ADUs in the San Francisco Bay Area

You'll learn about:

  • How ADUs have transitioned from informal additions by individual property owners to effective local housing strategies

  • San Francisco Bay Area success stories (and challenges) of adopting ADU programs, and the role of state legislature in embracing this housing strategy

  • Different approaches to overcoming common concerns with ADUs and outstanding challenges Cities face to adopt these programs.

Accessory Dwelling Units—commonly known as “in-law units,” “granny flats,” or “backyard cottages”—are units added to existing residential buildings, often single-family homes. Once an informal approach property owners took to address the demand for housing after World War II, local jurisdictions have increasingly adopted ADUs into their local housing strategies in recent years. Suburban communities or single-family neighborhoods in major cities have historically rejected ADUs with many concerns. However, the looming housing crisis in major metropolitan areas, and especially in the San Francisco Bay area, has convinced even the most resistant communities to embrace ADUs as one solution to the ever-increasing housing demand.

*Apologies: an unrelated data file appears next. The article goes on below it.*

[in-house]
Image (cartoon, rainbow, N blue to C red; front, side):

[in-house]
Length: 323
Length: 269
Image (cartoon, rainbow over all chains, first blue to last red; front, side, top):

Oakland and Berkeley have both recently provided flexibility in their ADU regulation, specifically around parking controls. In San Francisco, the recently established program imposes certain restrictions which guaranteed success in removing the political barriers against ADUs. In each jurisdiction, decision makers shaped the ADU programs differently to overcome unique controversies around ADUs. A new wave of property owners is approaching architects and contractors to build these units, and each city is employing a combination of marketing campaigns, flexible controls, and fee reductions to incentivize owners.  

Examine the successes and challenges of these local programs, the intersection of these plans, strategies to expand to other jurisdictions, and ways to incentivize property owners.